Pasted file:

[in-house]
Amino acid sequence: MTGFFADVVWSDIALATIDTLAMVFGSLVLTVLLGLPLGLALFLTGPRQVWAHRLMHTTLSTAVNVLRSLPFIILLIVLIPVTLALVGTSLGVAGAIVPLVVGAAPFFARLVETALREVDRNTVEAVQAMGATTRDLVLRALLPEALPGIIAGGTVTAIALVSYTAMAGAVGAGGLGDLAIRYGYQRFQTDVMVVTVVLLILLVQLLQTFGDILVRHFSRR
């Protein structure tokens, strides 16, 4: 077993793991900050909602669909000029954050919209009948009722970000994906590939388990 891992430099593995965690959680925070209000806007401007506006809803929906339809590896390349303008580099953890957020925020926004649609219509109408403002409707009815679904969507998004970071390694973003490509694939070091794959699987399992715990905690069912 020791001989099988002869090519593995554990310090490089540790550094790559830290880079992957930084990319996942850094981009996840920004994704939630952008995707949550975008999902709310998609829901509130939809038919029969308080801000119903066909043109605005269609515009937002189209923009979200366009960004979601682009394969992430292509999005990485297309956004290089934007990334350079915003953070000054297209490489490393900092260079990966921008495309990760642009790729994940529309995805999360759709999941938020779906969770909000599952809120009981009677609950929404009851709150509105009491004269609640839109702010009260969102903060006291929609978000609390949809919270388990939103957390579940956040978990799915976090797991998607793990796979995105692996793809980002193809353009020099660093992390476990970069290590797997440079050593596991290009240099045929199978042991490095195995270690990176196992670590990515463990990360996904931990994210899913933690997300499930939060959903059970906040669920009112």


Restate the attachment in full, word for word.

[in-house]
Amino acid sequence: MTGFFADVVWSDIALATIDTLAMVFGSLVLTVLLGLPLGLALFLTGPRQVWAHRLMHTTLSTAVNVLRSLPFIILLIVLIPVTLALVGTSLGVAGAIVPLVVGAAPFFARLVETALREVDRNTVEAVQAMGATTRDLVLRALLPEALPGIIAGGTVTAIALVSYTAMAGAVGAGGLGDLAIRYGYQRFQTDVMVVTVVLLILLVQLLQTFGDILVRHFSRR
């Protein structure tokens, strides 16, 4: 077993793991900050909602669909000029954050919209009948009722970000994906590939388990 891992430099593995965690959680925070209000806007401007506006809803929906339809590896390349303008580099953890957020925020926004649609219509109408403002409707009815679904969507998004970071390694973003490509694939070091794959699987399992715990905690069912 020791001989099988002869090519593995554990310090490089540790550094790559830290880079992957930084990319996942850094981009996840920004994704939630952008995707949550975008999902709310998609829901509130939809038919029969308080801000119903066909043109605005269609515009937002189209923009979200366009960004979601682009394969992430292509999005990485297309956004290089934007990334350079915003953070000054297209490489490393900092260079990966921008495309990760642009790729994940529309995805999360759709999941938020779906969770909000599952809120009981009677609950929404009851709150509105009491004269609640839109702010009260969102903060006291929609978000609390949809919270388990939103957390579940956040978990799915976090797991998607793990796979995105692996793809980002193809353009020099660093992390476990970069290590797997440079050593596991290009240099045929199978042991490095195995270690990176196992670590990515463990990360996904931990994210899913933690997300499930939060959903059970906040669920009112």